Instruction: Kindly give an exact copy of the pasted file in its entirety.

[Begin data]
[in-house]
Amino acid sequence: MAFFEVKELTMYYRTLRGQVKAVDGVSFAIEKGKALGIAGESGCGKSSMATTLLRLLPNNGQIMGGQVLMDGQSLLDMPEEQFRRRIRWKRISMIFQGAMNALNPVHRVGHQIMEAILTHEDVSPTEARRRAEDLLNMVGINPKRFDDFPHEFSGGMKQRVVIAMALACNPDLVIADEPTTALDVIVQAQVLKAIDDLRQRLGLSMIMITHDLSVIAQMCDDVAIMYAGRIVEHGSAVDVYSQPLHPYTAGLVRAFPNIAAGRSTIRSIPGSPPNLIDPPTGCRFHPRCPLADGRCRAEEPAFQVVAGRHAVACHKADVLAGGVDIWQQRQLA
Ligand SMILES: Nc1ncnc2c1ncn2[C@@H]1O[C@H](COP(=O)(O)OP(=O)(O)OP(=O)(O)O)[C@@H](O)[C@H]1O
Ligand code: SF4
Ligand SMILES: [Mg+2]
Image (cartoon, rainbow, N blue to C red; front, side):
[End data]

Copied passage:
[in-house]
Amino acid sequence: MAFFEVKELTMYYRTLRGQVKAVDGVSFAIEKGKALGIAGESGCGKSSMATTLLRLLPNNGQIMGGQVLMDGQSLLDMPEEQFRRRIRWKRISMIFQGAMNALNPVHRVGHQIMEAILTHEDVSPTEARRRAEDLLNMVGINPKRFDDFPHEFSGGMKQRVVIAMALACNPDLVIADEPTTALDVIVQAQVLKAIDDLRQRLGLSMIMITHDLSVIAQMCDDVAIMYAGRIVEHGSAVDVYSQPLHPYTAGLVRAFPNIAAGRSTIRSIPGSPPNLIDPPTGCRFHPRCPLADGRCRAEEPAFQVVAGRHAVACHKADVLAGGVDIWQQRQLA
Ligand SMILES: Nc1ncnc2c1ncn2[C@@H]1O[C@H](COP(=O)(O)OP(=O)(O)OP(=O)(O)O)[C@@H](O)[C@H]1O
Ligand code: SF4
Ligand SMILES: [Mg+2]
Image (cartoon, rainbow, N blue to C red; front, side):